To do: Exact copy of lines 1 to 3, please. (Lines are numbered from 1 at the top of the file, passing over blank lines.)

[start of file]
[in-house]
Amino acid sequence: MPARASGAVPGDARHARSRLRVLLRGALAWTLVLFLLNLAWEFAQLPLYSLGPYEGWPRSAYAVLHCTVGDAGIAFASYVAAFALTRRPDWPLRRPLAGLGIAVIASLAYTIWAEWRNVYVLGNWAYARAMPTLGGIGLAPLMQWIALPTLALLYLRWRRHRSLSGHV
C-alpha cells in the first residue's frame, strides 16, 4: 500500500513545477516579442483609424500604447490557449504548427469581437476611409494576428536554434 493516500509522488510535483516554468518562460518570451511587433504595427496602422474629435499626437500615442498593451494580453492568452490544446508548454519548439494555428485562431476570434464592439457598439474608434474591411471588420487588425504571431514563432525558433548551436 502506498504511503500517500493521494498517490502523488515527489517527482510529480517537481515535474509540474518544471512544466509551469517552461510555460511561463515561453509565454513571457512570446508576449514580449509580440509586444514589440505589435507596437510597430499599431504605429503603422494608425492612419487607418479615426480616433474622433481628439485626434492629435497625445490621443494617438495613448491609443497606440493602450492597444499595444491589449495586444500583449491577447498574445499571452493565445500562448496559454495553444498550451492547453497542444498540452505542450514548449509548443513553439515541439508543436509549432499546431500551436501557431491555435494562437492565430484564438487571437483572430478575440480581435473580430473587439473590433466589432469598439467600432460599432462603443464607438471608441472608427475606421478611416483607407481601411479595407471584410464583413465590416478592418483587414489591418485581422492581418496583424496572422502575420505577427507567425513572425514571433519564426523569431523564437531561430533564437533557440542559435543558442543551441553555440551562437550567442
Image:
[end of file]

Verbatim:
[in-house]
Amino acid sequence: MPARASGAVPGDARHARSRLRVLLRGALAWTLVLFLLNLAWEFAQLPLYSLGPYEGWPRSAYAVLHCTVGDAGIAFASYVAAFALTRRPDWPLRRPLAGLGIAVIASLAYTIWAEWRNVYVLGNWAYARAMPTLGGIGLAPLMQWIALPTLALLYLRWRRHRSLSGHV
C-alpha cells in the first residue's frame, strides 16, 4: 500500500513545477516579442483609424500604447490557449504548427469581437476611409494576428536554434 493516500509522488510535483516554468518562460518570451511587433504595427496602422474629435499626437500615442498593451494580453492568452490544446508548454519548439494555428485562431476570434464592439457598439474608434474591411471588420487588425504571431514563432525558433548551436 502506498504511503500517500493521494498517490502523488515527489517527482510529480517537481515535474509540474518544471512544466509551469517552461510555460511561463515561453509565454513571457512570446508576449514580449509580440509586444514589440505589435507596437510597430499599431504605429503603422494608425492612419487607418479615426480616433474622433481628439485626434492629435497625445490621443494617438495613448491609443497606440493602450492597444499595444491589449495586444500583449491577447498574445499571452493565445500562448496559454495553444498550451492547453497542444498540452505542450514548449509548443513553439515541439508543436509549432499546431500551436501557431491555435494562437492565430484564438487571437483572430478575440480581435473580430473587439473590433466589432469598439467600432460599432462603443464607438471608441472608427475606421478611416483607407481601411479595407471584410464583413465590416478592418483587414489591418485581422492581418496583424496572422502575420505577427507567425513572425514571433519564426523569431523564437531561430533564437533557440542559435543558442543551441553555440551562437550567442